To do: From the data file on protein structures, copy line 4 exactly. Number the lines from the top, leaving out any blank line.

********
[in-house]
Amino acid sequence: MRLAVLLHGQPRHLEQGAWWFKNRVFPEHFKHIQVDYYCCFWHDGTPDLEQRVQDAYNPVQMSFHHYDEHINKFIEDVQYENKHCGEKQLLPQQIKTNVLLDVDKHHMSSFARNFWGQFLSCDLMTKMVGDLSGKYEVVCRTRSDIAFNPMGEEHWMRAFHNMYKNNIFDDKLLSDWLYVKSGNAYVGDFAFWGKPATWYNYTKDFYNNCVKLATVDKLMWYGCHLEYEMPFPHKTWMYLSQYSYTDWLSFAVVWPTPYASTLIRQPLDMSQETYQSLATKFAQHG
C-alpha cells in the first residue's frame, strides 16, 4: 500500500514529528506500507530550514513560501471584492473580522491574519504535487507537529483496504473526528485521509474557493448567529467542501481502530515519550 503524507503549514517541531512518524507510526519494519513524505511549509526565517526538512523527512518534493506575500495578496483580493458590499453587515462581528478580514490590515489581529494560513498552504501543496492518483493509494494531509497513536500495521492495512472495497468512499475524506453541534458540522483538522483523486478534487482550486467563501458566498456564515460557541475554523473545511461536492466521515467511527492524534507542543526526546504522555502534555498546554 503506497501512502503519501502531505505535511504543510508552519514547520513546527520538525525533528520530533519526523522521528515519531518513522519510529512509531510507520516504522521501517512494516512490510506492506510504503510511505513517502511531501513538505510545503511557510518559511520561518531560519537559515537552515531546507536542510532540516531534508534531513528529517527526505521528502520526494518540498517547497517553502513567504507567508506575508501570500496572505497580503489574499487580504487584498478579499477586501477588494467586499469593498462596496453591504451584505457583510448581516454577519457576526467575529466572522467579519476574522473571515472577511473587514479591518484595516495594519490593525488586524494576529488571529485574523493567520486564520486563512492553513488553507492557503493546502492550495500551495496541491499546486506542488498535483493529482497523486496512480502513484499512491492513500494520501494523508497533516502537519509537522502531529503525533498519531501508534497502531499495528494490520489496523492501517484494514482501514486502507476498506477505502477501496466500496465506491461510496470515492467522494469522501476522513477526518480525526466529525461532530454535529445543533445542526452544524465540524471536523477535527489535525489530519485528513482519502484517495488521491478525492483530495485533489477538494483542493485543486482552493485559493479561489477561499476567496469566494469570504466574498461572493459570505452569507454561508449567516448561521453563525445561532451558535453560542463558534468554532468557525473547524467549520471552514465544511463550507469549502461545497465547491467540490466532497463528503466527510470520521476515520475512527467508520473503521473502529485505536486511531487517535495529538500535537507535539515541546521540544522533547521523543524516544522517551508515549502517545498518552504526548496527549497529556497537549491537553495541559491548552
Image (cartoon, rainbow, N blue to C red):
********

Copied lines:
Image (cartoon, rainbow, N blue to C red):